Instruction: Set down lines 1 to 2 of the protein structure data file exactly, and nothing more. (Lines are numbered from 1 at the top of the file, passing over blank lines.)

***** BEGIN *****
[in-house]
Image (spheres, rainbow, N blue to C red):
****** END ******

[in-house]
Image (spheres, rainbow, N blue to C red):